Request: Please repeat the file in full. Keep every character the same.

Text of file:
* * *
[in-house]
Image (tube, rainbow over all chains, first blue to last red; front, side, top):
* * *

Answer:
[in-house]
Image (tube, rainbow over all chains, first blue to last red; front, side, top):